Watch”, for the Honolulu Star-Advertiser,

©2014 Susan Scott

Turtle-cleaning station raises islander’s spirits

Published December 22, 2014 in the “Ocean Watch” column, Honolulu Star-Advertiser ©2014 Susan Scott

Sea turtles are protected in Hawaii and have lost their fear of people. Courtesy David Schrichte

The surf is up. The water is murky. It’s windy, rainy and cold. I’m not complaining — Hawaii winters have their own splendor.

But blustery conditions have been keeping me out of the ocean, and when that happens I get gloomy. Global warming, political gridlock, endless war, robot spy tunas ( The world of my species overwhelms me.

Then a visitor helped put me right.

Friends called asking me to join them snorkeling because their California guest wanted to swim with turtles. What? Get wet? Oh, OK, I sighed. We met on the North Shore, pulled on wet-suit tops and took the plunge.

As I expected, the current was strong, the water chilly (77 degrees compared with summer’s 81) and the visibility poor. As we swam to a place where honu hang out to have fish pick algae and parasites off their necks, flippers and shells, I wondered whether the turtles would even be there.

Oh, yes. Six big, fat turtles floated trancelike inside a curved coral wall, their heads down and limbs limp as convict tangs nibbled them clean. The surge pushed the turtles into each other in their crowded spa, and once, I had to back-paddle fast to keep two drifters from bumping into me.

Turtle 127

Turtle 204_smallTurtles at a North Shore cleaning station – Susan Scott

The turtles ignored us, not a bit concerned about four humans gawking and occasionally getting in the way.

Turtles are like that in Hawaii, where they’ve been protected for so long (since 1978) they’ve lost their fear of people. This is not so around other tropical islands.

I once visited a seaside hotel on the Tahitian island of Tahaa where the owner bought live turtles from anglers aiming to sell them at fish markets. The proprietor fed and nursed his reptile lodgers, and when the turtles were healthy, guests got to release them.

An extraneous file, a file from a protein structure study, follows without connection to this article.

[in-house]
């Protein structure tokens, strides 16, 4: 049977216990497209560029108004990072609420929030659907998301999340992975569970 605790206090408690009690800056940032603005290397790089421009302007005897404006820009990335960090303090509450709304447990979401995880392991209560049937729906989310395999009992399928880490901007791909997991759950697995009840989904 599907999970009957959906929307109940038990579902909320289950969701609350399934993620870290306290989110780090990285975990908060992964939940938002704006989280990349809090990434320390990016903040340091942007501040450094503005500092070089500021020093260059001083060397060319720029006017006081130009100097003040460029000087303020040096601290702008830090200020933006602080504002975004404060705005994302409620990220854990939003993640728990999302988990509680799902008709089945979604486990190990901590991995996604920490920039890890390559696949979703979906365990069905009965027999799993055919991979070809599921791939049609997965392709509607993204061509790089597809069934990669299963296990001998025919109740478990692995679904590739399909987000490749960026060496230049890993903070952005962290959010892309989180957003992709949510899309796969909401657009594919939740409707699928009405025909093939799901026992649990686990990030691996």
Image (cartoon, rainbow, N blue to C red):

The encounter moved some to tears. A Tahitian woman told me she spent money she could not afford for airfare and a hotel room so her 8-year-old daughter could set a turtle free.

releaseTurtle being released on Tahaa. -Susan Scott

I’ve now sailed twice across the South Pacific, and spotting a turtle is a rare event. And once a turtle spots you, it’s gone in a flash.

I love Hawaii’s turtles, and our tourists as well. People’s excitement over what we take for granted reminds me how lucky I am to live on Oahu. Nowhere else in the world can I, at any time, drop in on turtles grazing, resting or getting a massage, and the animals don’t consider me a predator.

Swimming with turtles on a Hawaii winter day didn’t solve the problems of the world, but it sure lifted my spirits. It also helped me believe that there’s hope for the future.

Have a happy honu holiday.

Marine biologist Susan Scott writes the newspaper column, “Ocean
Watch”, for the Honolulu Star-Advertiser,

©2014 Susan Scott


Blossomlike zoanthids join to form colorful mats

A Palau zoanthid with tentacles tightly closed. ©2014 Susan Scott